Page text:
We used to talk about it driving home from practice every day, but I knew we had to come up with a plan because they were a running team and he wasn’t playing a lot.
Bigger, faster, stronger — that became the plan.
Once we figured that out, it was: “OK, we’re going to work. We’ve just got to change and make it work.” I built a weight room at our house and filled it with equipment. He would be in there at all hours. [Keyshawn] would come by at 11 or 12 at night and Mike would be in there working. I used to tell Mike, “I got you if this is what you want to do. I always wanted to play and didn’t, so now that you’re playing, I’m playing through you.”
He was driven. We kicked it into overdrive the summer after his junior year, with camps and 7-on-7 leagues. We went in with a plan to catch up to everyone else by the time the summer was over.
TAFT CHARTER (CALIF.) HIGH SCHOOL QB AND TEAMMATE
We both transferred to Taft High School our junior year. I was ineligible that year and he was kind of in the same boat because he wasn’t playing. So we had a similar mentality where we were looking at each other like, We better be ready for our senior season because all of our dreams are riding on that one season.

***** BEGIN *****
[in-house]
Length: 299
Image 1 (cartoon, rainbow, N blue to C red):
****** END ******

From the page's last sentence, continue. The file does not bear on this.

During lunch time and after school, when you had a little bit of a dead period before practice, we would work out by ourselves. It was all about preparation with me and him. He was extremely competitive. All he needed was an opportunity to showcase his abilities.
Our school was kind of built on kids transferring in and transferring out, and the week before our first game, our star running back transferred to Crenshaw High School. The game plan from that day forward was that we were going to throw the football a lot. Our first game was against Dorsey High, which was a big rivalry for us because a lot of guys from our team were from that area. I think we lost the game, but there were a couple of throws I made to him. He was just staring at me the whole game like, Throw the damn ball at me every single time. That set the tone for the rest of the year. He was the No. 1 target in every game and, I think, he had 100 yards receiving in every one of them.